A clinical trial at Northwell Health in New York is testing whether a heartburn drug, famotidine, might have any positive effect on COVID-19 patients. The drug is used in some over-the-counter remedies for heartburn, like Pepcid, and is now being investigated as a possible coronavirus treatment. However, there’s a long way to go before we would know if it holds any promise.
Northwell Health in New York City has been testing famotidine as part of a clinical trial since April 7, Science magazine reported. In the trial, patients with COVID-19 are receiving the drug intravenously in much higher dosages than the over-the-counter variety.
In total, 187 critical COVID-19 patients are enrolled, but the study hopes to enroll 1,174 people total over time.
Famotidine showed promise based on reports from China. Some models indicate it might bind to an enzyme in SARS-CoV-2, the novel coronavirus, Science reported. But as with other potential treatments, it is simply not known yet if this will be a workable treatment. Dr. Kevin Tracey, who’s in charge of Northwell Health’s research system, told Science that they’ll know in a few weeks if the treatment works.
Dr. Michael Callahan, an infectious disease doctor based at Massachusetts General Hospital, said he was investigating why some elderly but poorer people in China survived COVID-19 versus wealthier individuals of the same age, CNN reported. The doctors found that many of the poorer individuals were taking famotidine rather than a preferred but more expensive drug, omeprazole, for chronic heartburn and surmised that might have played a role. However, the results weren’t statistically significant, Science reported, so it still needs to be studied extensively.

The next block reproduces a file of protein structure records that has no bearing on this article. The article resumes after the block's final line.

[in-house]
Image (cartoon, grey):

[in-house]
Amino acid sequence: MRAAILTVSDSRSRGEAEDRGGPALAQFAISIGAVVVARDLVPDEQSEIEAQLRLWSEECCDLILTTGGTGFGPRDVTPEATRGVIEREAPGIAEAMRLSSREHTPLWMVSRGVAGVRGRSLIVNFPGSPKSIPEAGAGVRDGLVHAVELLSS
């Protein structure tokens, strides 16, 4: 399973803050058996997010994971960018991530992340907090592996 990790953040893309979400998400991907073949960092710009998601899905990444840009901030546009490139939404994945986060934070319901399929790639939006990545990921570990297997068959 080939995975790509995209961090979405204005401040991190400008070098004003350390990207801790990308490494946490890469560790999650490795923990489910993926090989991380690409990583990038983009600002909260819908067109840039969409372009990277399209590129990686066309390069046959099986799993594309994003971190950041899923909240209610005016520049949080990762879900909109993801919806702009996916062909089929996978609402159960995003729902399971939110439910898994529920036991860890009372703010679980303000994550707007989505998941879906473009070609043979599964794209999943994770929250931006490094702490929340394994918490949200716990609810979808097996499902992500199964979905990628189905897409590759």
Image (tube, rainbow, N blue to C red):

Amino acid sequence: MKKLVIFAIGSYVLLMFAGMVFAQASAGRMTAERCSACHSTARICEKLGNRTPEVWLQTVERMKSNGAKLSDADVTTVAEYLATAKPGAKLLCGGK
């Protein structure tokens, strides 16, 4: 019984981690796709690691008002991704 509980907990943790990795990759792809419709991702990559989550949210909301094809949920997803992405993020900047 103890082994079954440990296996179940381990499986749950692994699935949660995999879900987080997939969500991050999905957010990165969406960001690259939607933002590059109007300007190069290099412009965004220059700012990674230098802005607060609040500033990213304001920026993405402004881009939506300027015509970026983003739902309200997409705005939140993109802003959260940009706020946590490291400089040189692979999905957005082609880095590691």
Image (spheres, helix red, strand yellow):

What is Famotidine?
Famotidine is used primarily as an acid reflux or heartburn medicine, but it’s also an antihistamine. It’s found in over-the-counter medicines like Pepcid in tablet or chewable form, according to Healthline. There’s also a prescription form that comes as a liquid suspension taken orally, plus an injectable form given only by healthcare providers. Famotidine reduces the acid in your stomach, which can help with gastroesophageal reflux disease, syndromes where your stomach makes too much acid and certain ulcers. It’s a histamine-2 receptor blocker that reduces the amount of acid released in the stomach. It can have mild side effects like dizziness, constipation, headaches and diarrhea. In rare situations, it can have serious side effects like heart rate or rhythm problems, muscle problems, neurological symptoms, liver problems or skin problems.
Researchers Were Concerned About a Shortage of Famotidine
The study was not announced when it first started because researchers at Northwell wanted to make sure they had an adequate supply of famotidine and wouldn’t cause a run on the product, Science reported.
It took Northwell weeks to get half of the needed famotidine in sterile vials. Although researchers wanted to study only famotidine, because hydroxychloroquine was the standard treatment when the study launched, the trial has had to test a famotidine-and-hydroxychloroquine combination compared to hydroxychloroquine alone in order to recruit enough participants, according to Science. The control group consists of patients treated earlier. Tracey told CNN that hydroxychloroquine might not be used in the study in the future.
Famotidine is already in shorter supply since another heartburn drug, Zantac, was pulled from the shelves by the FDA in early April because of concerns of contamination, CNN reported.
Some supplies of the drug currently show as unavailable on Amazon, but it’s not known if this is because of the coronavirus news or because of Zantac being pulled. Some CVS and Walgreens locations are also out of stock.
Other areas are limiting how much you can buy so that there isn’t a shortage. One person on Twitter shared that Sams Club stores were limiting purchases to three.
Some people are having anecdotal success with the drug, Science reported. A 44-year-old woman who tested positive had a fever and was experiencing hypoxia. She treated herself with a megadose and the next morning, her oxygen levels were back to normal and her fever was gone.
At this time, it’s not clear if famotidine works as a COVID-19 treatment and, if it does, it would be administered in the intravenous form at a much higher dosage than the tablet form, Science reported.
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